- 42% job approval ties low from June 2005
- Approval has been below majority level since 2010
- Record party gap in approval from last summer has narrowed
PRINCETON, N.J. -- The U.S. Supreme Court's 42% job approval rating is down slightly from September and matches the low point in Gallup's 16-year trend, recorded in June 2005. The Supreme Court's approval ratings have not been above 50% since September 2010.
The latest results are from a July 13-17 Gallup poll. Although the current approval rating ties the historical low, it is not a major departure from updates over the last five years, when approval has ranged between 43% and 49% -- including 45% when Gallup last measured it, in September 2015.
The Supreme Court recently concluded its 2015-2016 term, with eight justices serving since the death of Antonin Scalia in February and no progress made toward confirming Barack Obama's choice of Merrick Garland to fill the vacancy. As a result, the shorthanded court deadlocked on several potentially important decisions, upholding previous lower court rulings. One of the more significant decisions of the term was the court's ruling allowing colleges to continue to consider an applicant's racial or ethnic background as a factor in admissions decisions. Americans widely disapproved of that decision.
The prior low Supreme Court job approval rating came in June 2005, just after a court decision to permit governments to use the power of eminent domain to seize private property for economic development purposes. Approval of the Supreme Court fell to 42% immediately after that decision was announced, from 51% in the prior measurement. That proved to be a short-term decline, however, with approval back to 56% in Gallup's next update in September 2005.
Although the current approval rating ties the previous low, the 52% of Americans now disapproving of the Supreme Court is the highest in the trend. The prior high disapproval rating was 50% last September.
Democrats Still More Likely Than Republicans to Approve; Party Gap Narrows
Just after the Supreme Court legalized same-sex marriage nationwide and rejected a second major legal challenge to the 2010 Affordable Care Act last summer, Democrats' (76%) and Republicans' (18%) approval ratings of the court were the most polarized Gallup had ever measured. Today, Democrats remain significantly more likely to approve, 60% to 32%, but the party gap in approval ratings has narrowed, from 58 percentage points to 28 points.
The record party polarization last summer was clearly a response to those two politically charged rulings, both of which were aligned with Democratic rather than Republican policy preferences on same-sex marriage and the Affordable Care Act. However, over time, the impact of those decisions on partisans' views of the Supreme Court has likely diminished. Republicans' approval has returned to its fall 2014 level, while Democrats' approval remains above where it was at that time.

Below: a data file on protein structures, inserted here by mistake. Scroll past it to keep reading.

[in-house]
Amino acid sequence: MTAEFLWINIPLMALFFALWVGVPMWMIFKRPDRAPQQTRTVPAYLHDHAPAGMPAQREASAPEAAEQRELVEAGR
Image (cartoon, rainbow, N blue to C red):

Independents' approval of the court today is 38%, still down significantly from 46% in the fall of 2014, and the lowest approval rating among this group in Gallup's trend. This helps account for the all-time low Supreme Court approval rating among all Americans.
During the decade of the 2000s, a majority of Americans typically approved of the job the Supreme Court was doing, with the most notable exception occurring in 2005. That dip was short-lived, and Americans' positivity toward the Supreme Court was quickly restored.
However, in the past six years, Supreme Court job approval has yet to return to the majority level and is now tied for the low point in Gallup's trend. While Americans' views of the Supreme Court are often influenced by the decisions it issues, the current depressed ratings are likely also caused by Americans' long-standing dissatisfaction with the way things are going in the country, their frustrations with the government and diminished confidence in U.S. institutions more generally.
Gallup has documented that Americans' more basic trust in government institutions has eroded in recent years, and the Supreme Court, often the most popular and trusted of the three branches of the federal government, has not been immune.
Historical data are available in Gallup Analytics.
Results for this Gallup poll are based on telephone interviews conducted July 13-17, 2016, with a random sample of 1,023 adults, aged 18 and older, living in all 50 U.S. states and the District of Columbia. For results based on the total sample of national adults, the margin of sampling error is ±4 percentage points at the 95% confidence level. All reported margins of sampling error include computed design effects for weighting.
Each sample of national adults includes a minimum quota of 60% cellphone respondents and 40% landline respondents, with additional minimum quotas by time zone within region. Landline and cellular telephone numbers are selected using random-digit-dial methods.
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